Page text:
The University of Minnesota recently ran a study on the bacteria found in the guts of two endangered species of monkeys: mantled howler monkeys and the red shanked doucs.
The researchers who conducted this study suspected dysbiosis, an imbalance in the microbial ecosystem of the digestive system, could play a role in the poor health that many of these two species tend to experience in captivity. After all, these species tend to eat as many as fifty seven distinct plant species in the wild--while consuming as few as one while in captivity. Lack of diversity in the diet (and a lack in fiber in general) have both been linked to dysbiosis in humans and animals alike.
The results seemed to confirm the hypothesis of these researchers: both species of monkeys had an enormous reduction in the number of good bacteria in their guts when they lived in captivity. Moreover, these monkeys’ guts tended to be populated with many bacteria native to the human microbiome.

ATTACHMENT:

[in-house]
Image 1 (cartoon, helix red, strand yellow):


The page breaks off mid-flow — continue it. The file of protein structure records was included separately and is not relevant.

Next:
Even animals that had not consumed antibiotics showed a lack of gut diversity. Additionally, the microbiome of monkeys in captivity deviated more from feral microbiome samples from their own species that from those of other species in captivity.
The takeaway from all these findings? The diets of monkeys in captivity may very well have a greater impact on their microbiomes than we imagined--and, moreover, the people and animals around them may also be influencing their microbial health.
Expanding the contents of our diets can potentially help foster microbial diversity. How we can diversify them and which bacterial species are most important for a healthy gut are questions we need to answer. Stay tuned--ComosID will continue to cover the latest developments in microbial research.